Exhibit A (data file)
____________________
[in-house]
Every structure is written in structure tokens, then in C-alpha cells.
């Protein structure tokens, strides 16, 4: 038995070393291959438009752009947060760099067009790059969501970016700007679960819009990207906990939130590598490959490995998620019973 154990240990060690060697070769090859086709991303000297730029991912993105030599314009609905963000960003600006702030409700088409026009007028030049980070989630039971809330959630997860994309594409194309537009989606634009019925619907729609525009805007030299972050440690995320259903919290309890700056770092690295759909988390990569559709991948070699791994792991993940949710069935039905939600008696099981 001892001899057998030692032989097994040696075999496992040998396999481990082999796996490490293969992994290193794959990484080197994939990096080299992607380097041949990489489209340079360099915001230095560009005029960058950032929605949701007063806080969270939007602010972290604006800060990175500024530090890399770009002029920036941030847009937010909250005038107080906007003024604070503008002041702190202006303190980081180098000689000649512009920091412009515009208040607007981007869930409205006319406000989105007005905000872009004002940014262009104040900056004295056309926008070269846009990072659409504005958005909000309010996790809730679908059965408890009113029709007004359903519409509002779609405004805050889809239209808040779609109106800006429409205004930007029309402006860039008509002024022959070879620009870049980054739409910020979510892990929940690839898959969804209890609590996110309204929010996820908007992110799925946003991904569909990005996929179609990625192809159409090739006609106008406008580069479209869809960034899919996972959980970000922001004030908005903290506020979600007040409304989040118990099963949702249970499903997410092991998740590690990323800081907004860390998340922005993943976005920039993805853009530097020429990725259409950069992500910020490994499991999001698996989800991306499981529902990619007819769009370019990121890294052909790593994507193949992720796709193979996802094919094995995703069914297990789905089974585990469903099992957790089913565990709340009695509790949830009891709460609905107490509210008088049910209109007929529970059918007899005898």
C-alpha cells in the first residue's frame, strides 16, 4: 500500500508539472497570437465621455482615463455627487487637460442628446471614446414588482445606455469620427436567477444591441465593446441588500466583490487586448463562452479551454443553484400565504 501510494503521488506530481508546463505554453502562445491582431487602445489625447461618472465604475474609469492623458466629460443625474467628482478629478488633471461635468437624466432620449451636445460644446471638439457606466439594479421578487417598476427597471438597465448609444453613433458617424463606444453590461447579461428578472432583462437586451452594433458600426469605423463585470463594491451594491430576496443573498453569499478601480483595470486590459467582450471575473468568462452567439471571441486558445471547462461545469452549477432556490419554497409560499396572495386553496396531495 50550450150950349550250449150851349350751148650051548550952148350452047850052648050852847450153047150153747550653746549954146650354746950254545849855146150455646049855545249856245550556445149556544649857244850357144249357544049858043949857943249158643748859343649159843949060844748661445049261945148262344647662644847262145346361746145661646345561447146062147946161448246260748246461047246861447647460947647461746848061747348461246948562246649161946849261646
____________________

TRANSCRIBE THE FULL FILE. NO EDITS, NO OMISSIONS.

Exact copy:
[in-house]
Every structure is written in structure tokens, then in C-alpha cells.
């Protein structure tokens, strides 16, 4: 038995070393291959438009752009947060760099067009790059969501970016700007679960819009990207906990939130590598490959490995998620019973 154990240990060690060697070769090859086709991303000297730029991912993105030599314009609905963000960003600006702030409700088409026009007028030049980070989630039971809330959630997860994309594409194309537009989606634009019925619907729609525009805007030299972050440690995320259903919290309890700056770092690295759909988390990569559709991948070699791994792991993940949710069935039905939600008696099981 001892001899057998030692032989097994040696075999496992040998396999481990082999796996490490293969992994290193794959990484080197994939990096080299992607380097041949990489489209340079360099915001230095560009005029960058950032929605949701007063806080969270939007602010972290604006800060990175500024530090890399770009002029920036941030847009937010909250005038107080906007003024604070503008002041702190202006303190980081180098000689000649512009920091412009515009208040607007981007869930409205006319406000989105007005905000872009004002940014262009104040900056004295056309926008070269846009990072659409504005958005909000309010996790809730679908059965408890009113029709007004359903519409509002779609405004805050889809239209808040779609109106800006429409205004930007029309402006860039008509002024022959070879620009870049980054739409910020979510892990929940690839898959969804209890609590996110309204929010996820908007992110799925946003991904569909990005996929179609990625192809159409090739006609106008406008580069479209869809960034899919996972959980970000922001004030908005903290506020979600007040409304989040118990099963949702249970499903997410092991998740590690990323800081907004860390998340922005993943976005920039993805853009530097020429990725259409950069992500910020490994499991999001698996989800991306499981529902990619007819769009370019990121890294052909790593994507193949992720796709193979996802094919094995995703069914297990789905089974585990469903099992957790089913565990709340009695509790949830009891709460609905107490509210008088049910209109007929529970059918007899005898």
C-alpha cells in the first residue's frame, strides 16, 4: 500500500508539472497570437465621455482615463455627487487637460442628446471614446414588482445606455469620427436567477444591441465593446441588500466583490487586448463562452479551454443553484400565504 501510494503521488506530481508546463505554453502562445491582431487602445489625447461618472465604475474609469492623458466629460443625474467628482478629478488633471461635468437624466432620449451636445460644446471638439457606466439594479421578487417598476427597471438597465448609444453613433458617424463606444453590461447579461428578472432583462437586451452594433458600426469605423463585470463594491451594491430576496443573498453569499478601480483595470486590459467582450471575473468568462452567439471571441486558445471547462461545469452549477432556490419554497409560499396572495386553496396531495 50550450150950349550250449150851349350751148650051548550952148350452047850052648050852847450153047150153747550653746549954146650354746950254545849855146150455646049855545249856245550556445149556544649857244850357144249357544049858043949857943249158643748859343649159843949060844748661445049261945148262344647662644847262145346361746145661646345561447146062147946161448246260748246461047246861447647460947647461746848061747348461246948562246649161946849261646